BBC1’s new Rebus is the kind of TV detective they just don’t make any more

Imagine a new series of Morse in which the real-ale-quaffing, jag-driving opera buff is turned into a speed-snorting mod on a pimped up Lambretta. Or – this one I’d actually like to see – jeune Poirot, featuring a clean-shaven habitué of fin-de-siècle Brussels absinthe dives. This may give you an inkling as to how upset one or two Rebus fans are about the Edinburgh detective’s latest TV incarnation. Confusingly titled Rebus – as opposed to, say, Punk Rebus or Wee Rebussie – the series depicts a protagonist quite a bit younger than his former TV incarnations, grumpy, dishevelled Ken Stott and a mite-too-smooth John Hannah. Still only at the detective-sergeant

Nowhere near as miserable as I remember it: The Beatles – Let It Be reviewed

Beatles lore has long held that the film Let It Be was a depressing portrait of the band falling apart. According to the same lore, that’s why Peter Jackson’s Get Back was such a revelation. Revisiting Michael Lindsay-Hogg’s footage of the group at work in January 1969, Jackson discovered there was far more joy around than anyone suspected – including the surviving Beatles. Yoko remains a darkly brooding presence (the revisionism that sees her as benign needs its own revision) All of which, it now turns out, only goes to prove the ever-reliable power of suggestion. I vaguely remember seeing Let It Be on TV in the 1970s, before it

Why did C.J. Sansom approve this moronic Disney+ Shardlake adaptation?

What would C.J. Sansom have made of the Disney+ version of his novel series about 16th-century crookback lawyer Matthew Shardlake? Sadly, because he died just a few days before its release, we’ll probably never hear the full story. But this comment from the show’s producer offers a hefty clue: ‘Chris [Sansom] has been enormously generous and he wants more people to read the books, and this is such a good way.’ Sounds very much like Sansom accepted this atrocity of an adaptation as a necessary evil: his books had been stuck in development hell for nearly two decades (possibly, because his labyrinthine whodunits about monastic reform and court politics in

How can anyone resist The Piano?

One challenge facing any novel, drama or film about the Holocaust is to restore its sheer unimaginability. In Thomas Keneally’s Schindler’s Ark – filmed, of course, as Schindler’s List – when news reaches Krakow of what’s happening in Auschwitz, Keneally pauses for some editorialising. ‘To write these things now,’ he says, ‘is to state the commonplaces of history. But to find them out in 1942… was to suffer a fundamental shock, a derangement in that area of the brain in which stable ideas about humankind and its possibilities are kept.’ The Piano shamelessly seeks to move us – and shamelessly succeeds In The Tattooist of Auschwitz, the same fundamental shock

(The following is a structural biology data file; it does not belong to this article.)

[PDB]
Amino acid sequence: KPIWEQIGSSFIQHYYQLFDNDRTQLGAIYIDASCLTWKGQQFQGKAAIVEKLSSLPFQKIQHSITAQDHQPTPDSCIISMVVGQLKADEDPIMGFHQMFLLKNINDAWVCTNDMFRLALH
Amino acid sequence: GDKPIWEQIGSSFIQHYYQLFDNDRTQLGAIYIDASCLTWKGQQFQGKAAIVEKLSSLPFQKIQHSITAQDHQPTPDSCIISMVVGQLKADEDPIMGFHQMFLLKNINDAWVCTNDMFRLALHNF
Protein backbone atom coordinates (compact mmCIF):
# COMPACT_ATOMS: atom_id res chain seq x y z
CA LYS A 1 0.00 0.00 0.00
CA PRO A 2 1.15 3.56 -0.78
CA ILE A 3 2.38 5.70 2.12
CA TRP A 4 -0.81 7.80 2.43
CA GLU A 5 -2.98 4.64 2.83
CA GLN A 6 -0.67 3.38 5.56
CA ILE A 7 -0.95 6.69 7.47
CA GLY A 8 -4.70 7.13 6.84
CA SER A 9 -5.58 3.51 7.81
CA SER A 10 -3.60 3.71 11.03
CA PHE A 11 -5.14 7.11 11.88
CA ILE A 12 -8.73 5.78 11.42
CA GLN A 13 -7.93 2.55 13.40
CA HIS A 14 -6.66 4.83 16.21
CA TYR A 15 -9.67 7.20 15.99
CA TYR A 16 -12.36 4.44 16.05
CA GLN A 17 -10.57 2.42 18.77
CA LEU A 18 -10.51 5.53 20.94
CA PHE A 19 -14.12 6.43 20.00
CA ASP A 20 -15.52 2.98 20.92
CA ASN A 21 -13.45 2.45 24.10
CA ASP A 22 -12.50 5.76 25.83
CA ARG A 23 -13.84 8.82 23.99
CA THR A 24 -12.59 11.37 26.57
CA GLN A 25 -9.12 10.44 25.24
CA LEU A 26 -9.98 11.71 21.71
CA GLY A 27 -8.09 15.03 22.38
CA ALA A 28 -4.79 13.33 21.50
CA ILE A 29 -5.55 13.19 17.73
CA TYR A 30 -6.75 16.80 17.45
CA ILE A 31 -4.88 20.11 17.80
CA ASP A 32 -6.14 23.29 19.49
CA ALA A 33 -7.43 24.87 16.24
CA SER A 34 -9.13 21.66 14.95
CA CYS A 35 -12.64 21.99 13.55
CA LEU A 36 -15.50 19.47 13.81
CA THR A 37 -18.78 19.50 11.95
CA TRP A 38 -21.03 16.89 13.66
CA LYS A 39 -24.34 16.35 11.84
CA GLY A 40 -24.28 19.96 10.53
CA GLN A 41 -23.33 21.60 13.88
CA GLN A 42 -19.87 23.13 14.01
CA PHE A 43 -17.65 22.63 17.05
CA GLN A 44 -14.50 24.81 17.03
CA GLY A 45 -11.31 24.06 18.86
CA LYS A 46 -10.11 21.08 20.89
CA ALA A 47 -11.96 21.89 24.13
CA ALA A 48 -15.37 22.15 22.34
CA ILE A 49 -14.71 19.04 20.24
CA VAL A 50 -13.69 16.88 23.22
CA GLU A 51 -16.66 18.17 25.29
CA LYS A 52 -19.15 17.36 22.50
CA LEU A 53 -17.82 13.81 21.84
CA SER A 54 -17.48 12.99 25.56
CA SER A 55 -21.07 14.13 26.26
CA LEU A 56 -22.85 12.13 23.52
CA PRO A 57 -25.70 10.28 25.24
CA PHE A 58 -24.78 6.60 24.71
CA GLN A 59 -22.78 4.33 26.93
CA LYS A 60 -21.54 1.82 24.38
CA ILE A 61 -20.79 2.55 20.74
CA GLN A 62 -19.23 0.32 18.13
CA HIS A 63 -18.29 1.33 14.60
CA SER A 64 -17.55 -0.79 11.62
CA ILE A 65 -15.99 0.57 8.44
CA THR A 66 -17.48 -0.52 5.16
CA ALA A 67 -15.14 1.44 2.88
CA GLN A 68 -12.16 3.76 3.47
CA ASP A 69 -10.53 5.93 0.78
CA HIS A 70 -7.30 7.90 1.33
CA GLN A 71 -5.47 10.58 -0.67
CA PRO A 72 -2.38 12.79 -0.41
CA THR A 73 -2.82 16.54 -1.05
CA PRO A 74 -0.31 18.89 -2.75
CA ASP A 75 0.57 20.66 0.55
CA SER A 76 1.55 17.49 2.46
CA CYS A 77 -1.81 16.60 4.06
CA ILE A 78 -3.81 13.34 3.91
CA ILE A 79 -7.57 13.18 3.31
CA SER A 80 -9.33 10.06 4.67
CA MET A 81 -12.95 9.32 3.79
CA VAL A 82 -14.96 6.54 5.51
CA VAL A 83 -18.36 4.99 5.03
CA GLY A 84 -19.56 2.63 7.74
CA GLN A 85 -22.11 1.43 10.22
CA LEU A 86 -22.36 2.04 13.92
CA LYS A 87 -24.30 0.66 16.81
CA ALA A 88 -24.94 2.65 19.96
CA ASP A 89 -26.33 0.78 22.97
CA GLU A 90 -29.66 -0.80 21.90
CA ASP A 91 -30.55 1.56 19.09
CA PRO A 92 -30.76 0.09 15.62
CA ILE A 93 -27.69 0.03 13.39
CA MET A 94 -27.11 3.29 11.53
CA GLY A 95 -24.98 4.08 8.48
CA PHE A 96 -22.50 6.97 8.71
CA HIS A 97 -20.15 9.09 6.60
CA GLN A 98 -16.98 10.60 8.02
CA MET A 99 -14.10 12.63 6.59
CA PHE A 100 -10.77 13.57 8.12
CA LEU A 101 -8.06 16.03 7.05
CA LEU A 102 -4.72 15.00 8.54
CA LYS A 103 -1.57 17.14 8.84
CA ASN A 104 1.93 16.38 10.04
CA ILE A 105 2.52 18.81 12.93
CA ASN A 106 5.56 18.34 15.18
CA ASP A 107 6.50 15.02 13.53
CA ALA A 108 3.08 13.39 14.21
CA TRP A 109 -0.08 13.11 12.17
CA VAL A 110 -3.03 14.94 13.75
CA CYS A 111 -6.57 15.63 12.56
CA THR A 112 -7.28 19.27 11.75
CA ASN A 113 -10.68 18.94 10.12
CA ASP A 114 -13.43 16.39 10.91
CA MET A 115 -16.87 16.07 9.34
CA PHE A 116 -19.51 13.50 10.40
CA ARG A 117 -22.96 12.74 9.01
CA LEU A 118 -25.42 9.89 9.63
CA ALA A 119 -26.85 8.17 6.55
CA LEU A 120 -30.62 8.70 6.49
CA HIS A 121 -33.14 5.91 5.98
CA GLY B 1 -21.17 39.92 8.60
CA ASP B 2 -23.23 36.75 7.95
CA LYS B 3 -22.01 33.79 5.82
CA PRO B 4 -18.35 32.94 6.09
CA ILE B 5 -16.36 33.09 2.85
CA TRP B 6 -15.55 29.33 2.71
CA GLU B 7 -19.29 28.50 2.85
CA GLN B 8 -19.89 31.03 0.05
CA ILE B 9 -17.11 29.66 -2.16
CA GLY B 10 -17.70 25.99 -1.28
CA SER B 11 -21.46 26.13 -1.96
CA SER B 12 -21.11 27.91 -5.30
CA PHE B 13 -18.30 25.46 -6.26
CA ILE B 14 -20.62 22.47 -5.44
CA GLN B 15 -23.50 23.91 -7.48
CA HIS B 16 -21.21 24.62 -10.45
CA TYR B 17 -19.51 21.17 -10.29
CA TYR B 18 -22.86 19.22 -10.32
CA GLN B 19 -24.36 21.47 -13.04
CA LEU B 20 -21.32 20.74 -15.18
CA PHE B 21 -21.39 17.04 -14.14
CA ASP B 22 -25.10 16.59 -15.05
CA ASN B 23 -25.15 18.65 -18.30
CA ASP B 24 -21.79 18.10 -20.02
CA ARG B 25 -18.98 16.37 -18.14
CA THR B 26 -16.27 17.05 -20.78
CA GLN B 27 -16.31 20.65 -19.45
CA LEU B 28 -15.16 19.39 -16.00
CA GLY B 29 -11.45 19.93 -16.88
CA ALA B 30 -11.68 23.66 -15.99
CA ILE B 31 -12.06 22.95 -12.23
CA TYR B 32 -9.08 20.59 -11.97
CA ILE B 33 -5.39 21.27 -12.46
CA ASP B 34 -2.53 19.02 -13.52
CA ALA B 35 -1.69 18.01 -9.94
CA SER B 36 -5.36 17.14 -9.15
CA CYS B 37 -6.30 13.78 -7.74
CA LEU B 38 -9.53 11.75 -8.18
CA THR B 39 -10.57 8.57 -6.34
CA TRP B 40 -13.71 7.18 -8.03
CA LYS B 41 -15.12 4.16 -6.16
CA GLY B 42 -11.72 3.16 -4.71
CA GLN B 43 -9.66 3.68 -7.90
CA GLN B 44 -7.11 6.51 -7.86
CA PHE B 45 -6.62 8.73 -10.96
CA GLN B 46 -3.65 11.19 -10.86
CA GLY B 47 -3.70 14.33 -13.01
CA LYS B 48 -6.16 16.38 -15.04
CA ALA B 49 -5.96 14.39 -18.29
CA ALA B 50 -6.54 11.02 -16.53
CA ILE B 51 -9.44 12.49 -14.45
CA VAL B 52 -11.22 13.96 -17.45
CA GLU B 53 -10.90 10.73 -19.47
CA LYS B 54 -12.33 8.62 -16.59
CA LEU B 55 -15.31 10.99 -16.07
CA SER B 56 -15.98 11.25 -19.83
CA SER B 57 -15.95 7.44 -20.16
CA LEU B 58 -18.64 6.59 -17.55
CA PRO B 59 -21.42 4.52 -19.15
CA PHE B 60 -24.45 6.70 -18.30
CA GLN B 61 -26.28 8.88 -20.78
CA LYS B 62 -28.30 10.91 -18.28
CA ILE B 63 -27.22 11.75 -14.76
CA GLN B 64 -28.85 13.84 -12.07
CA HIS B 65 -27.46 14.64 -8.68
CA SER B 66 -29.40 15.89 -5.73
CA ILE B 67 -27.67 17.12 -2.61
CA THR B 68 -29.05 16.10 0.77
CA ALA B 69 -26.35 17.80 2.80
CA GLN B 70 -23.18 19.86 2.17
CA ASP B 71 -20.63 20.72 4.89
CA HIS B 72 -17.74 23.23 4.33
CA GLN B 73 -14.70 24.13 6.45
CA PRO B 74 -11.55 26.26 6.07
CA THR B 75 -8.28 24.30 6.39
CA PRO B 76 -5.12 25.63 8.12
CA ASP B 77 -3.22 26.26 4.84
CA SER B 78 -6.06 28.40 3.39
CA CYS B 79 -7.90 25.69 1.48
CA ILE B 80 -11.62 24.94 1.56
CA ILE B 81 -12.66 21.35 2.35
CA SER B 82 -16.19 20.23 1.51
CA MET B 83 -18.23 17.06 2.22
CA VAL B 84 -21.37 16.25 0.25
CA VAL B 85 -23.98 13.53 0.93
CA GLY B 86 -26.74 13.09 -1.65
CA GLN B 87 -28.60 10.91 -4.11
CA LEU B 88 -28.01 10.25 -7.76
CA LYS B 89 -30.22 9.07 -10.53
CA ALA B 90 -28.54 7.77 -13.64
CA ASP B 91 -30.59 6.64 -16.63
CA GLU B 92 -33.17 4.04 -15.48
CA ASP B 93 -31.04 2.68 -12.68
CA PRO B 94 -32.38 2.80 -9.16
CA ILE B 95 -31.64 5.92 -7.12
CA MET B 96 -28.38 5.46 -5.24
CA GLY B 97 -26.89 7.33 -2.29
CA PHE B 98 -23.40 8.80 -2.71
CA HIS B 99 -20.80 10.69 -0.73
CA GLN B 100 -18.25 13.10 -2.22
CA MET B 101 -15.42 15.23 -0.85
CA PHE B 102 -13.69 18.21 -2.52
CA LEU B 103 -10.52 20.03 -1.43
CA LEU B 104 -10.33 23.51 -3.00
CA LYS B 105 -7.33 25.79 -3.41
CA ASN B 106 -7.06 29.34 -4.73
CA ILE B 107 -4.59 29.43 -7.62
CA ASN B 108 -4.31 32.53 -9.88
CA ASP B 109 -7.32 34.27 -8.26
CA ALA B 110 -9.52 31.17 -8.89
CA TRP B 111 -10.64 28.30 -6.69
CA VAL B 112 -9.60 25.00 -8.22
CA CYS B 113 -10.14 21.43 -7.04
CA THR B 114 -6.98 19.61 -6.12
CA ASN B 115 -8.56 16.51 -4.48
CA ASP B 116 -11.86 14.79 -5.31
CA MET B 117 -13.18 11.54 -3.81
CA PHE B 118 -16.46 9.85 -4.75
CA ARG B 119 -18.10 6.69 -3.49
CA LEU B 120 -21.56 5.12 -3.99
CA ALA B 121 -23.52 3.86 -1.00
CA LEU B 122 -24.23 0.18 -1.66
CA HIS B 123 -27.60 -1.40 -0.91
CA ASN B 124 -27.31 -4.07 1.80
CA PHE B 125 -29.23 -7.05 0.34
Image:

Sordid, ugly and threadbare: Jimmy Carr – Natural Born Killer reviewed

Here’s an offensive joke: ‘Jimmy Carr gets paid to do a Netflix special.’ All right, it’s not original – I nicked it from an online chat forum. And it’s not especially funny. But unlike any of the sordid, ugly, threadbare material in Carr’s excruciating set, it does at least contain a measure of critical insight. Carr vauntingly lists all the ‘did he really go there?’ topics he plans to cover: ‘child abuse, domestic violence, abortion, murder, gun control and trans issues’. But his treatment of these subjects doesn’t feel refreshingly transgressive so much as gratuitously unpleasant. Here’s a sample: ‘Climate change is like my niece. It’s getting hotter every year.’

Grey, gloomy, and utterly joyless: Ripley reviewed

If you’ve spent any time gawping at Netflix over the past half-decade or so, you’ll already know that human culture has reached its final, perfect form. We made a good effort with cave paintings, epic poetry, theatre, literature and the rest of them, but the apex of culture is the bingeable, episodic rabbit-hole Netflix documentary about a sociopathic liar. Maybe we love con artists because they’re the only people still selling something new There have been so many of these now that it’s difficult to tell them apart. There was the one about the man who matched with women on dating websites by pretending to be the playboy scion to

Dramatic, urgent and intriguing: BBC1’s This Town reviewed

After conquering the world with Peaky Blinders (and before that by co-creating Who Wants to Be a Millionaire?), Steven Knight was last seen on British television giving us his frankly deranged adaptation of Great Expectations. Happily, he’s now returned to form with a show that, while not a retread exactly, is definitely Peaky-adjacent. In This Town we’re back in a Birmingham – this time in the 1980s – that’s rundown, riven, violent and soul-stifling, yet that Knight presents with unmistakable love. Nor, once again, is there any escaping the overwhelming power of the family as a blessing and a curse. There’s also the same combination of apparent social realism with